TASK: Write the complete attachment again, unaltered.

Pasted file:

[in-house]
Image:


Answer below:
[in-house]
Image: